Losing someone can be a destabilizing and overwhelming experience. Every aspect of our lives can be impacted by the loss. It is so difficult to adjust to the new routines in our lives following the death of a loved ones. Learning to set the dinner table for one less person or making coffee for one instead of the usual two for yourself and your partner every morning – loss manifests itself in the details of our day to day. Grief does not end after a person’s funeral or memorial service. It is a lived experience that will take time to work through. Each person will experience their grieving in a unique way as they slowly and patiently process their emotions when they surface one day at a time. Here are five tips for how to help someone you care about cope with their grief:
1- Listen: It might sound simplistic but one of the most healing experiences for coping with the pain of losing someone is to be heard. Having the supportive space to talk about whatever it is that they might be thinking and feeling can be the most helpful thing for that person. This may even be to talk about anything but the loss itself. It is important to be respectful of where the person is in their own journey rather than to force someone to confront emotions they may not be ready to explore.
2- Avoid Platitudes: Making statements like “time heals all wounds” or “they’re in a better place” may seem kind or helpful but in fact often trigger frustration for the person who is grieving. Though we might believe those adages, in the midst of the heartbreak, a person may not be in the mental state to accept truths that may not resonate for them. It is best to avoid them.
3- Don’t Assume: Relationships are complex. We never fully know a person’s relationship to the person who has died. Therefore, it is important to respect the person’s process of grieving without assuming that they are feeling certain emotions regarding the loss. For example, the individual may have had a conflictual relationship with a parent or a partner and is working through a myriad of feelings such as anger towards past wrong doings, relief at the relationship tensions ending, or even guilt for experiencing those emotions.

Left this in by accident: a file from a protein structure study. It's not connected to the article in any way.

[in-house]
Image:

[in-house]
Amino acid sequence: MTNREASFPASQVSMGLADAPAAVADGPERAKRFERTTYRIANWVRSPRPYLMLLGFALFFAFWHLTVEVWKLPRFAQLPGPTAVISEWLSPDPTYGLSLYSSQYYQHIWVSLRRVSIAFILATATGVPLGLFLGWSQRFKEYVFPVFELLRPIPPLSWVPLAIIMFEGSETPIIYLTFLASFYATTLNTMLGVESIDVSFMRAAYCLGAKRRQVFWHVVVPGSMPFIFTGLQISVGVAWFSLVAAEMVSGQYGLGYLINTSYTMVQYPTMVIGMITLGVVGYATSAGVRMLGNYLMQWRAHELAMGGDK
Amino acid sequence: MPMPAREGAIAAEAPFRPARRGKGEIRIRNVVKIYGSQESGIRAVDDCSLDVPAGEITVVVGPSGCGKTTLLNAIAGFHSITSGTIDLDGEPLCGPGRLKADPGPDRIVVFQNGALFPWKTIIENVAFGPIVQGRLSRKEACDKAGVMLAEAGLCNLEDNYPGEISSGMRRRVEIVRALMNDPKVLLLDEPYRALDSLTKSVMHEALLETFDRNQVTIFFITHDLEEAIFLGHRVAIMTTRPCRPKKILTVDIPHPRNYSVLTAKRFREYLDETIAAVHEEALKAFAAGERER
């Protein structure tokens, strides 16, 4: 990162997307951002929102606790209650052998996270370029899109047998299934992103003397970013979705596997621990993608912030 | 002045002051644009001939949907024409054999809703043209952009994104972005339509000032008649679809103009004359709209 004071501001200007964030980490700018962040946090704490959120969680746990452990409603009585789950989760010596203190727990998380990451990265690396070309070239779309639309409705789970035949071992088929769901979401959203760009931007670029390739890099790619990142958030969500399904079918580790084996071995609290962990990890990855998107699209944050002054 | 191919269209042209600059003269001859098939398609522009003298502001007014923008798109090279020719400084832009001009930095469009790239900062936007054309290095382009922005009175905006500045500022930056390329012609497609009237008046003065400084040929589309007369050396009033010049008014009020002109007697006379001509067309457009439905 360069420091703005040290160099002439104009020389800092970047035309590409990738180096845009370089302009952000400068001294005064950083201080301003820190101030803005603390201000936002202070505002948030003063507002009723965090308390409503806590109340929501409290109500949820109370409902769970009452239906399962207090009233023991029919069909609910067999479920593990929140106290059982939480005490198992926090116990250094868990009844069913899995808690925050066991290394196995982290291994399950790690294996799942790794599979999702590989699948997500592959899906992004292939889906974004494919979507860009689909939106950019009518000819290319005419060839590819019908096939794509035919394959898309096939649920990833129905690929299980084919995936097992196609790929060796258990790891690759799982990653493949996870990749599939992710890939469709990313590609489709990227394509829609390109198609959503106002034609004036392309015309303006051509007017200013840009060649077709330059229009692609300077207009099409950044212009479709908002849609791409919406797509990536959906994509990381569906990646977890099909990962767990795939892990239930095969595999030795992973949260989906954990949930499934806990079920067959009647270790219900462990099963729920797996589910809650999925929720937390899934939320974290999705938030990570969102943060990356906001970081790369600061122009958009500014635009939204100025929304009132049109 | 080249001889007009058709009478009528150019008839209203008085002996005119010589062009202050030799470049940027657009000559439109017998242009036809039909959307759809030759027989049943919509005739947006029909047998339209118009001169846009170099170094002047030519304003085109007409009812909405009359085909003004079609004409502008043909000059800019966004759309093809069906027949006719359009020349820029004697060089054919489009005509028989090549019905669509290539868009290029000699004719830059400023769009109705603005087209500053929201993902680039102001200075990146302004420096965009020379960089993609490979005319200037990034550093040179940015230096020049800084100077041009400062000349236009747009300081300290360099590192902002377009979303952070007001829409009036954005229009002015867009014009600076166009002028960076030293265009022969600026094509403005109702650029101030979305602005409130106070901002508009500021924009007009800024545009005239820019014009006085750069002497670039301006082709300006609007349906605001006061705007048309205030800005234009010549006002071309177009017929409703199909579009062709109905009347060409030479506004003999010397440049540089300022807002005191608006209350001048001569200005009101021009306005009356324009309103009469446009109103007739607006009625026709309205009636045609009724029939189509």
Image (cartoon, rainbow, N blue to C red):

4- Be present: In moments where one’s world is crumbling and a person is left to pick up the pieces of their lives following a death, simply being present can be the most healing support. There will never be perfect words to offer or magic solutions for someone who is grieving, but being there even in silence can allow the other person to feel seen in the midst of their suffering. Simply saying that you are here for them and that you are around for whatever they might need is often incredibly grounding when the world feels chaotic.
5- Be patient: Reading about grief might help you better understand the need for patience. Each person’s grief takes on its own journey and may differ in timeline. There is no right or wrong way to grieve and it can often feel for many people like there is a need to rush back to being “okay” sooner than they might feel ready to do so. Therefore, an important piece keep in mind is that grieving may take longer than imagined and the emotions that a person experiences may resurface at varying times of their life following the death of their loved one. This is especially true of anniversary dates, holidays, and other milestones which people value (ex: graduations, birth of a child, weddings, and travels people may have planned to do…). Respectful patience with those who you know are grieving is often appreciated from the bereaved.
Written by Marianne Chivi, M.A., C.O.